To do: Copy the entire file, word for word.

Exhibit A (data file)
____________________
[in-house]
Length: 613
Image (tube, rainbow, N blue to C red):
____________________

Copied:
[in-house]
Length: 613
Image (tube, rainbow, N blue to C red):